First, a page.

U.S. Department of Agriculture researchers are trying to learn how they can minimize damage the brown marmorated stink bug (BMSB) can do to various crops.
Don Weber, a USDA entomologist, says: “It attacks various vegetable, fruit and field crops, so apples, pears and peaches it’s definitely on, especially as they’re maturing,” Weber says. “A lot of times that damage is hidden until you cut open the fruit, which is very unfortunate. It can affect soybeans as well…and tomatoes and peppers.”
The stink bug can also known to attack a popular summertime favorite in Nebraska — sweet corn. Weber, working at a USDA facility near Washington D.C., is trapping stink bugs to study their attractants or pheromones.
“We could use this as a management tool to monitor, to make sure we know where the pest is, and how high the numbers are, so we know what we might do about it, but also potentially to use it to trap it out of the crop or near houses where we don’t want it to be,” Weber says.
The brown marmorated stink bug came to the U.S. about 15 years ago from Asia, so Weber says researchers are looking there for natural predators.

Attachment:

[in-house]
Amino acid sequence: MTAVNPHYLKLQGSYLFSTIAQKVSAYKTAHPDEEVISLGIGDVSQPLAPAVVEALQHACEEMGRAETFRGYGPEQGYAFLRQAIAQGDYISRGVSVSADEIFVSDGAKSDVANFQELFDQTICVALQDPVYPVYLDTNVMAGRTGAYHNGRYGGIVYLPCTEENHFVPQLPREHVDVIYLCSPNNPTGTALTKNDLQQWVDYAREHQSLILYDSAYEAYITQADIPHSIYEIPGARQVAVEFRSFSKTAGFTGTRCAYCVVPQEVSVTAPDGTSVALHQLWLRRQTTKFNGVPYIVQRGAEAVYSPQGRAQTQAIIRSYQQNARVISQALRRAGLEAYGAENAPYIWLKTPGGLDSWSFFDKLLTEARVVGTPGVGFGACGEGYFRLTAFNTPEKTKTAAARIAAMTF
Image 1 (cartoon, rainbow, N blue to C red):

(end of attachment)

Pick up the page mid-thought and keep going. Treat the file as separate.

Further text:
“And they’re mainly these tiny wasps, egg parasitoids, they’re harmless, they don’t sting. Their main objective in life is to find stink bug eggs and to make sure it doesn’t end up a stink bug, it ends up a wasp,” Weber says.
In addition to their destructive behavior, the stink bug – as you might expect – has a foul odor. Weber, however, doesn’t find it all that offensive.
“The stink of the stink bug is fairly similar to cilantro,” Weber says. “That doesn’t mean necessarily you’d want to eat it and I’m sure that’s repulsive to the predators that it’s trying to repel.”
The first breeding infestations of brown marmorated stink bugs were confirmed in October 2012 in Scott County. Stink bugs have been an especially big problem in mid-Atlantic states — causing $52 million worth of damage last year to peach and apple crops there.